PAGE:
* Rosneft to ship extra 600,000 tonnes via ESPO to China in 2014
* Pacific port of Kozmino to export 23 mln tonnes next year
* Khodorkovsky says Putin cares about reputation, seeks balance between Europe and Asia (Adds detail)
By Vladimir Soldatkin
MOSCOW, Dec 24 (Reuters) - Russia, the world’s largest crude oil producer, will export less oil than previously expected to China in 2014, pipeline monopoly Transneft said on Tuesday, as the Kremlin plays a balancing act between Asia and Europe.
Transneft said on its web site that Rosneft would export an additional 600,000 tonnes (12,000 barrels per day) to China via the East Siberia-Pacific Ocean (ESPO) pipeline spur from Skovorodino near the border to Mohe in northern China.
The link, the main route for oil from Russia to China, had previously been expected to pump 2 million additional tonnes next year.
“We received a letter from Rosneft. An additional 600,000 tonnes will (shipped) via Skovorodino-Mohe spur,” Transneft’s vice president Mikhail Barkov is quoted as saying.
He said that the volumes would total 15.6 million tonnes next year, which could mean a decline from the 15.8 million tonnes expected this year according to Reuters calculations.
This is less than the more than 17 million tonnes previously expected by Transneft and traders, and would play at the hands of Europe, which has been anticipating dwindling supplies from Russia at the expense of increasing flows to China.
“Rosneft is fulfilling its contractual obligations to its Chinese partners in accordance with the conditions of the agreement,” a Rosneft spokeswoman said in emailed comments.
State-run Rosneft, Russia’s largest oil company, has struck agreements to almost triple oil supplies to China in coming years from the around 300,000 barrels per day (15 million tonnes a year) it ships there currently.
President Vladimir Putin has urged Russian oil and gas companies to forge close ties with energy-hungry Asian economies. Europe, traditionally the biggest market for Russia’s oil and gas, is trying to diversify its supplies.
It was not immediately clear why exports to China would be lower than expected next year. Some analysts say that it is the echo of a spat between Rosneft chief Igor Sechin and the head of Transneft, Nikolai Tokarev, who were forced by Putin to sign an agreement in October on funding to expand ESPO.
Former oil tycoon Mikhail Khodorkovsky, who was freed from prison on Friday and flown to Germany following a pardon from Putin, said in a Russian media interview that Putin may believe “too big a bet has been made on Asia” and be eager to mend fences with Europe.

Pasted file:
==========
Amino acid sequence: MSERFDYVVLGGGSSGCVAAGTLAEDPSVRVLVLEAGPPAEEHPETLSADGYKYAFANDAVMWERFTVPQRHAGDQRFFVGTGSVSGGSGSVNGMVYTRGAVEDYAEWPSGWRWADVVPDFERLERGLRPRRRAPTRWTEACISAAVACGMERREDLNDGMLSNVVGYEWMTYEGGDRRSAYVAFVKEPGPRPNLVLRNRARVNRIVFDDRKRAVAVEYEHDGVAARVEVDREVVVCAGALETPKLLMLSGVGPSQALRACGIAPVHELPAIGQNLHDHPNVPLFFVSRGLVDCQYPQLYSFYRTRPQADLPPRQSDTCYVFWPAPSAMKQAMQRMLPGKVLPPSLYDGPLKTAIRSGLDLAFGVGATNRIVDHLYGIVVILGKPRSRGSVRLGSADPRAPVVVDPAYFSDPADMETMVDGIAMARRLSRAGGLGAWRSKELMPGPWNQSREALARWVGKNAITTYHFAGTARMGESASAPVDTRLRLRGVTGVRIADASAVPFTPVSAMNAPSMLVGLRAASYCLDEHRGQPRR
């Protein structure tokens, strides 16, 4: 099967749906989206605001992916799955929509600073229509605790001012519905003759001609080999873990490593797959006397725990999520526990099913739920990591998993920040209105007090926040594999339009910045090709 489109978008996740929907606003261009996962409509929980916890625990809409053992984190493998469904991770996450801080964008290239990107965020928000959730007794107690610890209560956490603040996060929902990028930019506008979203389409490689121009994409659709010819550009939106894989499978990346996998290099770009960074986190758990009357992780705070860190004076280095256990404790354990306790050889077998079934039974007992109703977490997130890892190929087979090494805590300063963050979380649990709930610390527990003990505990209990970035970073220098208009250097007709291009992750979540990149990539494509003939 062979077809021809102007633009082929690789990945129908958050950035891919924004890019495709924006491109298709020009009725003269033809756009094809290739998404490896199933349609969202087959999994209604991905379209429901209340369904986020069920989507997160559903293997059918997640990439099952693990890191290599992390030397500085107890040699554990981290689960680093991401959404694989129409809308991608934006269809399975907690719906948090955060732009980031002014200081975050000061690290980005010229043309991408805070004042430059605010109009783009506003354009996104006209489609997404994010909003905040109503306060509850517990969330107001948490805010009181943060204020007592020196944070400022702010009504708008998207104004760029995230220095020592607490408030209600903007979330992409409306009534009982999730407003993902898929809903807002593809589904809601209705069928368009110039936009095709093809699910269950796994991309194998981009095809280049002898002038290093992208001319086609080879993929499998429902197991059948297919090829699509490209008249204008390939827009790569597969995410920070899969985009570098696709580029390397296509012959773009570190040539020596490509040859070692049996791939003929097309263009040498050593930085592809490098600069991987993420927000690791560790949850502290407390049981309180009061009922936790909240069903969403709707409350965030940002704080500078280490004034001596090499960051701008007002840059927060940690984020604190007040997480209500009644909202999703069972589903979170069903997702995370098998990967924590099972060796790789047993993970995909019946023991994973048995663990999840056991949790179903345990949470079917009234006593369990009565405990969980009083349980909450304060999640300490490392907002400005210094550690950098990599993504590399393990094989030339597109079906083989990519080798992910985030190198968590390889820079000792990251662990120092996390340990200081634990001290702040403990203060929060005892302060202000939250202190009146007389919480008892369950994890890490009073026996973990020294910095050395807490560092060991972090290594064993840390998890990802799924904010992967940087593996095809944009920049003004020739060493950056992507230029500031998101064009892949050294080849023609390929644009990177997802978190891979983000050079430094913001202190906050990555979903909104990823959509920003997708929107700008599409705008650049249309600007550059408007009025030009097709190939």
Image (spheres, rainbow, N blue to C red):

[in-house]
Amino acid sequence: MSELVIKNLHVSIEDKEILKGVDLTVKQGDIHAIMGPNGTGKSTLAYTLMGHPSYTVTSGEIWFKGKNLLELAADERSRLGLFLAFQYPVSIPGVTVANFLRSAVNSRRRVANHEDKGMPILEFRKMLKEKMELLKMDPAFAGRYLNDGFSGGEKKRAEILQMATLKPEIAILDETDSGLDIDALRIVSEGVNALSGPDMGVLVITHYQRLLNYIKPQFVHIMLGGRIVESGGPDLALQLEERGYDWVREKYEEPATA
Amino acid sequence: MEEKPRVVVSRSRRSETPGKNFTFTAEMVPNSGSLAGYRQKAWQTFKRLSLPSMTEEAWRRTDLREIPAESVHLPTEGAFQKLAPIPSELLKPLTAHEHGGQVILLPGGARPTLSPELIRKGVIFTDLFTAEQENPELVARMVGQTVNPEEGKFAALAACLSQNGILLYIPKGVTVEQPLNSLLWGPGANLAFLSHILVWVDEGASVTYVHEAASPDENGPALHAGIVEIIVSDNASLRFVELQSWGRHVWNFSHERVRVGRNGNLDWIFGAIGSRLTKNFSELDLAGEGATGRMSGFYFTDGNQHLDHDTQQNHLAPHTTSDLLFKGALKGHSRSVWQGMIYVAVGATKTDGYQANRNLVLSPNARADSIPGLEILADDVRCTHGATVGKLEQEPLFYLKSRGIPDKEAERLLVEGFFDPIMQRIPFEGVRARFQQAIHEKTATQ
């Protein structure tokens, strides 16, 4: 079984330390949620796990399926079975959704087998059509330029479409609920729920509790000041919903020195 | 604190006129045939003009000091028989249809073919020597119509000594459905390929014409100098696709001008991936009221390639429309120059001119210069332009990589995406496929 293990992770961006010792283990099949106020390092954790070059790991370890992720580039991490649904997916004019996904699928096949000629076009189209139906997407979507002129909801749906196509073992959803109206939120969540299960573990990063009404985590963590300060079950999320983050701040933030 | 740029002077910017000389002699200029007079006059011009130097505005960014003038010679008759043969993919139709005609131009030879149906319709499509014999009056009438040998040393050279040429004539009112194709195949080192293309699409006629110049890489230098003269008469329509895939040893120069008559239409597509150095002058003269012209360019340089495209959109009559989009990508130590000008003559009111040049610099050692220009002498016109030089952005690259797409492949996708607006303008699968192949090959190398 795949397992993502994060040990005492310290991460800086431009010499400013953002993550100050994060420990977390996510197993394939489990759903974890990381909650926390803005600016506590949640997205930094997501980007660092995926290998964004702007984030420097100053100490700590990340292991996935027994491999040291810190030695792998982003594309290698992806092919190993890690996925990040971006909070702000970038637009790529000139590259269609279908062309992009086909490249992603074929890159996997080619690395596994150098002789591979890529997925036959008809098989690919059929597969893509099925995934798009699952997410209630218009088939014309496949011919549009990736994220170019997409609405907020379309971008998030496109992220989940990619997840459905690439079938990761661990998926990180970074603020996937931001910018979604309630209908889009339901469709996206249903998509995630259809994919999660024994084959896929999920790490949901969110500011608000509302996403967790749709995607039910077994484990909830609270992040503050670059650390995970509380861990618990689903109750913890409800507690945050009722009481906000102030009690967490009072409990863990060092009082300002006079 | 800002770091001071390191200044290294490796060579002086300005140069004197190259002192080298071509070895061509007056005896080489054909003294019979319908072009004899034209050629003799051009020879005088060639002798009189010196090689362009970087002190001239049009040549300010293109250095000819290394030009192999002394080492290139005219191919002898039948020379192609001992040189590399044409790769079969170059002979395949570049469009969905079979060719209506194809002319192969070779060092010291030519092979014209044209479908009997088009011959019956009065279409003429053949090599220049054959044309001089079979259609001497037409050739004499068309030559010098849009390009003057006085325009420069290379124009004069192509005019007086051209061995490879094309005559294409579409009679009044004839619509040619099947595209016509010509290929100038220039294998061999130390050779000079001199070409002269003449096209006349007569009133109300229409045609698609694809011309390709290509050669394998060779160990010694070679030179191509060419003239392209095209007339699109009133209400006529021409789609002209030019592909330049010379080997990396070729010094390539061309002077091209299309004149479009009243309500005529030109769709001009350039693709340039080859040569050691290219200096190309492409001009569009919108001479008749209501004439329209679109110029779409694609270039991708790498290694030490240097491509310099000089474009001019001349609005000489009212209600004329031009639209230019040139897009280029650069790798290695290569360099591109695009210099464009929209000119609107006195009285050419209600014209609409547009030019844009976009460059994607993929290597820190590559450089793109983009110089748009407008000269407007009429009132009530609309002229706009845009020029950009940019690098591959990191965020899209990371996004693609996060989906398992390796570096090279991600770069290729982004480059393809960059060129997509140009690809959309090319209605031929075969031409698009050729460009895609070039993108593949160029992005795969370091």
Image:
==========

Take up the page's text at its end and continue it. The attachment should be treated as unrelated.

Khodorkovsky, whose now defunct oil company Yukos brokered the first supply deal with China in the late 1990s, had been in jail since 2003 after he fell out with the Kremlin. Yukos was sold off at auction and its main production asset was snapped up by Rosneft.
Russian Energy Minister Alexander Novak has said that Russia will not cut oil supplies to Europe despite its plans to treble flows to China, with output from new fields to cover rising export commitments.
Traders have expected Rosneft’s export volumes to China to rise to as much as 20 million tonnes a year by 2015, on a par with Germany, the biggest consumer of Russian oil to date.
Exports from the Pacific port of Kozmino are estimated to total about 23 million tonnes, while an Energy Ministry official has said these could rise to as much as 30 million tonnes next year from 21 million tonnes in 2013.
Volumes shipped to China from Kozmino are not defined, but expected to outstrip those to Japan in near future .
Rosneft has also agreed to ship 7 million tonnes of oil a year to China via Kazakhstan, a profitable duty-free route within a Moscow-led customs union. On Tuesday, Russia and Kazakhstan formally signed the deal on oil exports to China.
Barkov also said that the Caspian pipeline consortium (CPC), in which Transneft is a shareholder, would increase oil supplies from a terminal near the port of Novorossiisk by 6 million tonnes next year from expected 32.4 million tonnes in 2013 thanks to works to expand the pipeline.
One of the key sources for new oil was the Kashagan field in Kazakhstan, the world’s biggest oil find in decades, initially launched in September.
It was mothballed due to leaks of gas from the pipelines. Barkov said that CPC is not expecting oil from Kashagan until summer, or “maybe even later”, confirming source-based reports. (Reporting by Vladimir Soldatkin; additional reporting by Denis Dyomkin; editing by Megan Davies and William Hardy)